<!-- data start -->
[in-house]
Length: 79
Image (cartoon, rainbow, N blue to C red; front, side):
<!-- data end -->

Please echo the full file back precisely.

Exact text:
[in-house]
Length: 79
Image (cartoon, rainbow, N blue to C red; front, side):